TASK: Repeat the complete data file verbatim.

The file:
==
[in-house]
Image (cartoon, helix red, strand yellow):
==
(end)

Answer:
[in-house]
Image (cartoon, helix red, strand yellow):